In his book “The Room Where It Happened,” to be published on Tuesday, John Bolton, former national security adviser to Donald Trump, portrays a ill-advised president, fascinated by autocrats and obsessed with his reelection, even at the risk of putting danger to the United States.
Here are five key passages, based on excerpts published in the press:
All for Re-election
“I am having trouble finding a single major Trump decision, during my tenure, that was not guided by a re-election calculation,” writes Bolton, who accuses the president of confusing “his own political interests and the national interest.”
And he gives an overwhelming example: on the sidelines of the G-20 summit in Osaka in June 2019, Trump “surprisingly led the conversation” with his Chinese counterpart Xi Jinping to the US presidential election, pleading with him to help him win and he in turn agreed to increase Chinese agricultural purchases.
For Bolton, this confirms “basically unacceptable behavior that erodes the legitimacy of the presidency.” Worse yet, he suggests there were good reasons to remove Trump, beyond the Ukrainian case that led to his acquittal.
If Democrats “had taken the time to investigate Trump’s behavior more systematically across the spectrum of his foreign policy, the outcome of the indictment could have been very different,” he wrote.
Flirting with Autocrats
According to the book, until the arrival of the coronavirus, Trump never spared praise for Xi Jinping. “You have been the best Chinese leader in 300 years,” he told Xi, according to Bolton.
This flirting with a rival considered by his own field as an autocrat adds, according to the former adviser, is to a marked disinterest in the defense of human rights.
Also in June 2019, “Xi explained to Trump why he was building concentration camps in Xinjiang” to intern Uighur Muslims. Trump accepted his arguments, Bolton argues.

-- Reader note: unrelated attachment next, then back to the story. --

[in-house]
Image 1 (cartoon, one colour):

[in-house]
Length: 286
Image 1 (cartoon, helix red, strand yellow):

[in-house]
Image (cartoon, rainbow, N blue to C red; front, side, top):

The president also attacks journalists with particular virulence. “They deserve to be executed. They are trash,” says the book Trump went on to say.
Bolton describes a trivial-obsessed Trump with no long-term strategy.
As the rapprochement with North Korea lost ground after the 2018 summit with Kim Jong Un, Trump was concerned about giving the North Korean leader a CD with the song “Rocket Man”, autographed by Elton John, alluding to the nickname that He himself placed Kim at the most critical moment in bilateral relations.
Trump has shown little general culture, such as when he asked if Finland was still “a satellite of Russia” or when he seemed to ignore Britain’s nuclear power status.
Criticized from the back
Some of his main collaborators tend to publicly praise the president but criticize him from behind, says the former adviser.
That would be the case of the Secretary of State, Mike Pompeo. In the middle of the summit with Kim, the head of the American diplomacy passed Bolton a message referring to Trump: “He only tells lies.”
Another example: when John Kelly was Trump’s chief of staff, he was worried about what would happen to the country if “with his way of making decisions there were a crisis like the one of September 11” in 2001.